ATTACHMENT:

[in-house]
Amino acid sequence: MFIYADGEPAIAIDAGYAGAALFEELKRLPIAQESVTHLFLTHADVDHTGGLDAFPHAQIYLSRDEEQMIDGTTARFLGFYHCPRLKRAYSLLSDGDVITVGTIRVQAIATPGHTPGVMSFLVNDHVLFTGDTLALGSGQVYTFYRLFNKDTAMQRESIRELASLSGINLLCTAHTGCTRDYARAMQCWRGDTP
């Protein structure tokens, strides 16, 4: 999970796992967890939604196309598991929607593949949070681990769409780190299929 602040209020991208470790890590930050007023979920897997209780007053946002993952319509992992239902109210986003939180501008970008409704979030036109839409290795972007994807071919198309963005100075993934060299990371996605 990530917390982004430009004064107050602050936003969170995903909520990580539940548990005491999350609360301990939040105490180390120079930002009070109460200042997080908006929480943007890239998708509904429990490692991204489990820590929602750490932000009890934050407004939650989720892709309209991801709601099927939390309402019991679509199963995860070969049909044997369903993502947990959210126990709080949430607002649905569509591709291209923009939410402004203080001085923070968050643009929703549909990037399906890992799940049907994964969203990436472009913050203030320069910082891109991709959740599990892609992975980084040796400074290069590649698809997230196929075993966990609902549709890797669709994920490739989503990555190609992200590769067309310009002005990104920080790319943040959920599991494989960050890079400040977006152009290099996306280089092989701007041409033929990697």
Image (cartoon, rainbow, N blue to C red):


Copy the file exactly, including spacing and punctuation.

[in-house]
Amino acid sequence: MFIYADGEPAIAIDAGYAGAALFEELKRLPIAQESVTHLFLTHADVDHTGGLDAFPHAQIYLSRDEEQMIDGTTARFLGFYHCPRLKRAYSLLSDGDVITVGTIRVQAIATPGHTPGVMSFLVNDHVLFTGDTLALGSGQVYTFYRLFNKDTAMQRESIRELASLSGINLLCTAHTGCTRDYARAMQCWRGDTP
């Protein structure tokens, strides 16, 4: 999970796992967890939604196309598991929607593949949070681990769409780190299929 602040209020991208470790890590930050007023979920897997209780007053946002993952319509992992239902109210986003939180501008970008409704979030036109839409290795972007994807071919198309963005100075993934060299990371996605 990530917390982004430009004064107050602050936003969170995903909520990580539940548990005491999350609360301990939040105490180390120079930002009070109460200042997080908006929480943007890239998708509904429990490692991204489990820590929602750490932000009890934050407004939650989720892709309209991801709601099927939390309402019991679509199963995860070969049909044997369903993502947990959210126990709080949430607002649905569509591709291209923009939410402004203080001085923070968050643009929703549909990037399906890992799940049907994964969203990436472009913050203030320069910082891109991709959740599990892609992975980084040796400074290069590649698809997230196929075993966990609902549709890797669709994920490739989503990555190609992200590769067309310009002005990104920080790319943040959920599991494989960050890079400040977006152009290099996306280089092989701007041409033929990697």
Image (cartoon, rainbow, N blue to C red):